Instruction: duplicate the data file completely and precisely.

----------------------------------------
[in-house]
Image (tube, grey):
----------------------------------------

[in-house]
Image (tube, grey):